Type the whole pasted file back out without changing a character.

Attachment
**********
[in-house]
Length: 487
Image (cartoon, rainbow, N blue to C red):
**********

[in-house]
Length: 487
Image (cartoon, rainbow, N blue to C red):